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Rural Colleges in Colorado Band Together to Request More Funding

Adams State University, Fort Lewis College and Western Colorado University are hoping for $3 million per institution from the state to ensure access for students from less populous areas.

Three Colorado universities are banding together to ask the state government for millions of dollars to offset the unique challenges of running rural institutions of higher education.

David Tandberg, president of Alamosa’s Adams State University, Tom Stritikus, president of Durango’s Fort Lewis College, and Brad Baca, president of Gunnison’s Western Colorado University, are requesting $3 million per institution.

“Brad, Tom and I would line up and backflip if we got $3 million each,” Tandberg said in an interview.

For three years running, the leaders of the state’s 15 public colleges have written a joint letter to the state legislature requesting that additional money be directed to higher education over what Gov. Jared Polis allocated.

Polis budgeted a $42.7 million increase in state higher education funding for the next fiscal year. Collectively, the public universities — including the three rural institutions — requested a $130.8 million increase for operations plus $30.6 million for state financial aid.

“We are first and foremost supporting the collective ask,” Baca said. “That needs to be the first thing the legislature funds, but, in addition, given the uniqueness of our institutions, we need a little bit more consideration above and beyond that.”

Polis is committed to making sure Coloradans living in rural parts of the state have access to higher education, spokeswoman Shelby Wieman said in a statement Tuesday.

“Our rural higher education institutions play an important role in our state and we work very closely with them to increase efficiency and reduce administrative overhead to help them succeed,” Wieman said.

The $3 million to each school would be used for student outcomes and success, Baca said.

At Western Colorado University, Baca said the funding would address retention issues including elevating existing peer mentor programs or ramping up career services to ensure students have ample opportunities for internships and job placements.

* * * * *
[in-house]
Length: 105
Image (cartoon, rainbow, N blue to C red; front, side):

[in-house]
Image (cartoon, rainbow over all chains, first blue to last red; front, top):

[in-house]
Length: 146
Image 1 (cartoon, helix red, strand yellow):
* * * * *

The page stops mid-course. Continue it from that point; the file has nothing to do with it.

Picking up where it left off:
At Adams State, the money likely would go toward beefing up the Adams Experience — a framework on campus that blends a student’s extracurricular interests with student life activities and work going on in the San Luis Valley. For example, sociology students could provide services based on what they’re learning in the classroom to real people in the San Luis Valley, Tandberg said.

At Fort Lewis College, the money would go toward meeting students’ needs by ensuring important services like a food pantry or housing assistance program aren’t solely funded by one-time grant money.

“Our ability to deliver these services is driven by state funding,” Tandberg said.

The rural institutions receive roughly half of their funding from the state, the presidents said. For comparison, a larger, more metropolitan university like the University of Colorado Boulder received about 10.4 percent of its $1.09 billion budget from direct state funding for 2024.

As a result of the institutions being smaller and off the beaten path, things tend to cost more, the presidents said. The institutions aren’t purchasing at the volume some of the larger ones are, so they’re getting more expensive unit prices, Tandberg said.

While larger universities often rely on lower-paid adjunct professors to teach classes, the rural leaders said they rely on mostly full-time faculty because people aren’t as willing to move to a more remote location without the promise of a full-time job, Stritikus said.

“When you’re far from an urban center and far from an interstate, anything you do is just more expensive,” Stritikus said.

To counteract some of these expenses, Stritikus said the three rural institutions collaborate to make costs more efficient between them, such as working together to find the most efficient computer systems.

“We’re willing to do whatever it takes,” Stritikus said. “We’re willing to be lean. We can’t do that without some kind of acknowledgment in the form of resources.”

About 60 percent of Colorado post-secondary students pick colleges within an hour’s drive from their homes, according to state higher education data, underscoring the importance of funding rural institutions. Adams State, Western Colorado and Fort Lewis serve nearly 9,000 students combined with more than half of those being Colorado residents.

Adams State drives $83.5 million of economic development to the San Luis Valley. Fort Lewis contributes $161.8 million to its region and Western Colorado drives more than $70 million in economic development to the region.

“Where do you want to put your sacred tax dollars?” Tandberg said. “A little goes a long way at our state institutions.”

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